the tool oriented this way exactly. (Lord knows what the other tip is use
You'll want to ensure you seat the bead at the tire-valve first because
that last quarter gets dicey where you have to use the most strength in the
whole job, and where a slippery bar gets obnoxious.
I had to vise grip the end of the bar that I was holding because it kept
twisting off the bead but with vise grips, it was manageable.
At the very least, you'll want to use vise grips to hold the slippery upper
bead from slipping off as you try to force the last 1/4 of the upper bead
onto the rim.
This is the point where you're extremely glad the tool is firmly bolted to
cement, as the force is as much as you can give it.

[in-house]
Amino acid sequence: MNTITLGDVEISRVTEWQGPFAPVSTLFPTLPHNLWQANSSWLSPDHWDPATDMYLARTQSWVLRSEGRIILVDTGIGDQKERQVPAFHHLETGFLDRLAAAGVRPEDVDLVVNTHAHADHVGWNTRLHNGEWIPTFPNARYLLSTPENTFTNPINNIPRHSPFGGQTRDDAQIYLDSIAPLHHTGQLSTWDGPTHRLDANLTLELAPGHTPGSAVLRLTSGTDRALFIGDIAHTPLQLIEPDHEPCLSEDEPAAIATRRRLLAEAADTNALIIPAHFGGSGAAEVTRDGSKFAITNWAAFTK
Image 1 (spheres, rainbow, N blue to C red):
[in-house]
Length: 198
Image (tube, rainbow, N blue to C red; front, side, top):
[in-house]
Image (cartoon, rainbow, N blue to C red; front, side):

Even so, I found I had to ditch the slippery but huge red pry bar and
resort to two 24-inch tire irons to leverage the remaining upper bead over
onto the wheel rim.
It's at this point, before you fill the tire with air, that you line up the
red dot to the match-mounting marks, or, the yellow dot to the valve stem
(if there is no red dot) or if there is a red dot but no match mounting
marks, then you line up the red dot to the valve stem.
After doing that, I first removed the inner valve stem of the Schrader
valve and tried to use my latching air chuck, but without the valve stem,
the darn chuck wouldn't pass any air (so I gave up on this method).
It was dark and drizzly when I just decided to put the valve stem back in
and put the latching chuck back on (although later I found a neat trick
that I will try with the next tire).